During World War II, Olivia J. Hooker was the first African American female admitted into the United States Coast Guard in February 1945.
Born in Muskogee, Oklahoma in 1915, Olivia was one of five children. In 1937, she graduated from Ohio State University and went on to teach at an elementary school in Columbus, Ohio.
A decade later, she earned a master’s degree in psychology from Teachers College at Columbia University, followed by a doctorate from the University of Rochester in 1961.
Dr. Olivia J. Hooker died at home in White Plains, New York on Nov. 21. She was 103 years old. A Fordham psychology professor emerita, Hooker was a prominent researcher in school psychology.
“I remember the first time I saw her,” said Tyrone Taborn, Career Communications Group (CCG) CEO and co-founder of the annual BEYA STEM Conference. “She and her sister were standing outside their house in the darkest of night. They had locked themselves out and called my cousin Doris Nicholson for help. Doris and I drove over. She had me crawl into a small window because they were locked out.”
Taborn says at the time he didn’t know she was a survivor of the Tulsa Race Riots of 1921 or a US Coast Guard veteran. “They were my cousin Doris’ childhood friends who I would see on breaks from Cornell University. She was a wonderfully smart woman,” Taborn said.
“What a heartwarming story,” said retired Coast Guard Rear Admiral Stephen Rochon, who is photographed with Coast Guard officers at the funeral for Dr. Hooker in White Plains, New York, Dec. 5. (U.S. Coast Guard photo by Petty Officer 3rd Class Steve Strohmaier)
In April, a retired educator who spent more than 40 years at Norfolk State University, passed away. Dr. Sandra J. DeLoatch served as a mathematics instructor, founding chair of the Computer science department, dean of the College of Science, Engineering and Technology and acting university president.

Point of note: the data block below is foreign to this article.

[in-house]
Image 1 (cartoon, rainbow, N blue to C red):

“She last served as provost and vice president for academic affairs,” wrote Veronica Nelson, executive director of Advancing Minorities’ Interest in Engineering (AMIE). In an attached message Norfolk State University interim president Melvin Stith praised Dr. DeLoatch’s contributions to the science, engineering, and technology (STEM) fields.
“She achieved many “firsts” during her career including serving as the Principal Investigator for one of the first two research contracts ever awarded to an HBCU by the National Security Agency. Her pioneering efforts in information assurance and computer science laid the groundwork for NSU’s emerging prowess and success in Cybersecurity,” Dr. Stith said.
BEYA winner and retired Army General Johnnie E. Wilson lost his daughter-in-law in May. She died aged 42 on Memorial Day weekend.
“Our daughter-in-law passed away after a 13-year battle with cancer,” Gen. Wilson wrote in an email. “She battled every day without one complaint in spite of the odds and dire prognosis.”
The four-star general of the United States Army was honored with a Lifetime Achievement Award at the 1999 Black Engineer of the Year Awards (BEYA) Conference. He is a founding father of the Stars and Stripes Dinner and Mentoring Program, an integral part of the BEYA STEM Conference. Expressing sympathy to the family, Tyrone Taborn, producer of the BEYA STEM Conference, wrote:
“Jean and I are heartbroken over this. May you and your family find some comfort in God’s grace. As we observe Memorial Day, Teisha has shown us the life of a true warrior.”
Earlier in the year, Career Communications Group (CCG) paid tribute to Hayward Henderson. A special advisor to CCG’s CEO Tyrone Taborn, Henderson passed away on March 29. Over his long career in media sales, new business development, and advertising, he worked for The International Herald Tribune Online, The New York Times, PitchBook, Inc., Investis Inc., Asset TV U.S., and Strategic Insight.
Historically black college and university (HBCU) alumni we lost included Howard University grad Togo D. West, who died at 75. A two-time honoree of US Black Engineer magazine’s HBCU Distinguished Alumni Hall of fame, West set a high standard of excellence in public service, engineering, and the law.
Rudy Horne, a math rock star, who was remembered at the 2018 Mathfest of the Mathematical Association of America, was a Morehouse College mathematician, who gave so much to the field of mathematics.